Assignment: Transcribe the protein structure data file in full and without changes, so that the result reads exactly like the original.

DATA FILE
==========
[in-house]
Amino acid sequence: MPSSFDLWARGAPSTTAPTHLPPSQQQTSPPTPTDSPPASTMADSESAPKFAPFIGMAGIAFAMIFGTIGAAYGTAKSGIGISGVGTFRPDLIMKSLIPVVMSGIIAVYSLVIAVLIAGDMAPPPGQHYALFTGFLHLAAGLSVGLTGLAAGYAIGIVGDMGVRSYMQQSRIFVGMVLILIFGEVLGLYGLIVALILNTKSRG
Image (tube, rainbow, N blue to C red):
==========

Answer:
[in-house]
Amino acid sequence: MPSSFDLWARGAPSTTAPTHLPPSQQQTSPPTPTDSPPASTMADSESAPKFAPFIGMAGIAFAMIFGTIGAAYGTAKSGIGISGVGTFRPDLIMKSLIPVVMSGIIAVYSLVIAVLIAGDMAPPPGQHYALFTGFLHLAAGLSVGLTGLAAGYAIGIVGDMGVRSYMQQSRIFVGMVLILIFGEVLGLYGLIVALILNTKSRG
Image (tube, rainbow, N blue to C red):